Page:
Tuesday, January 29, 2013

Fruit Basket Organization

I started off this year with lots of good intentions {aka New Years Resolutions}. I wanted to get my house organized, and I wanted myself and my family to start eating more healthy foods. It can sometimes be really easy to plan these kind of things...but the follow through is often really difficult! One of the first places that I wanted to start my organizing was the kitchen, specifically our fruit bowl! For years we kept a medium sized bowl on our counter where all of our various fruits mingled together. The bowl worked pretty good for the first few years when the boys were really little and it was mostly Jason and I eating fruit {other than the enormous amount of bananas that the boys ate when they were babies}. But as the boys got bigger they started eating WAY more fruit which meant our fruit supply started to outgrow the bowl. Plus Jason hated that the bowl took up half of the island, and I hated that when the bananas and apples hung out together the bananas always got brown faster!
I considered a few different ways to organize our fruit. I had seen a cute under cabinet storage idea on Pinterest, and I even thought about those retro hanging wire fruit baskets. But neither of those really worked with our space. I came across these baskets one day as I was browsing the aisles of Target, and I knew they would be perfect for holding our fruit!
I picked up three baskets, brought them home, and got Jason to figure out a way to hang them on the side of the cabinet {these are actually meant to be stacked up, but they work perfectly hanging too as long as you can rig up a way for them to hang because they don't come with hanging hardware}. I love that I took a basically wasted space and added storage to it. Our fruit baskets also look great right across from the boys Magnet Board that I added to the end of one of our cabinets a few years ago too.

So far the new baskets are working perfectly! Our counter tops are clear of fruit {though I can't say the same about dirty dishes and various papers}, and the different fruits don't have to mingle and make each other go bad too soon! 
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Friday, January 25, 2013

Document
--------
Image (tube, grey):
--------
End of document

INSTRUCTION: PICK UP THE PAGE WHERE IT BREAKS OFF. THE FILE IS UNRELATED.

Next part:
Pallet Chicken Coop: Part One

For about a year Jason and I have been talking about getting chickens. With a house full of growing boys, we needed to find some easy ways to cut down on our grocery bill. A garden is on our list of to do's for this spring, and I figured if we were going to be farmers we might as well add a little livestock into the mix too! I did a lot of research online, and I feel in love with the idea of a pallet chicken coop. One because pallets make the cutest stuff....and two because pallets are free which means our project would be way cheaper than if we bought all new supplies at the hardware store.
We started our adventure with a trip to the Habitat for Humanity ReStore. Our original intention in going to the ReStore was to look for electrical fixtures and old kitchen cabinet doors. I had seen a suggestion online to use glass front cabinet doors as window for the coop, and I figured the ReStore was the best place to look for something like that. We ended up with a couple of glass front kitchen cabinet doors and a truck load of FREE pallets! Jason picked up some extra lumber at the hardware store and then we headed home to start building.
We decided on a layout and measured how big the base for the coop needed to be. Jason started the base with four 4X4 posts for the corners. Then he attached them together with 2X6's to make a rectangle.
 We used some scrap plywood from another project as the floor...and we got a little help from the kiddos!
 After the base was made, Jason dug holes for the four posts to sit in. We picked up the base and sat it down into the holes, and then let the kids fill in the holes with the extra dirt.
 The next step was to build the walls. Our coop ended up being three pallets across. Jason just laid them down and attached the three pallets together with extra wood strips from other pallets.
 We had plenty of pallets, so some of them {the ones with broken slates or missing nails} got used for parts.
The design we decided on was a back wall that was one pallet high and a front wall that was one and a half pallets high. After we had the front wall put together, the top edge of the pallets were trimmed so that they could be stacked.

 After the walls were trimmed, we put the walls into place and attached them to the base with lots and lots of nails. Here is a picture of the back wall in place:
 It turns out that pallet wood is actually really good quality...which means it is HARD! Which means you need a lot of muscle and a little bit of patience to get nails to actually go into the wood! We had quite a few bent nails laying around during this project:)
 And here is a picture with the partial front wall in place:
 Here is a side view of the coop with the base and walls up:
Check back next week for part two...we get the rest of the walls up, add doors and nesting boxes, and I paint the whole thing!

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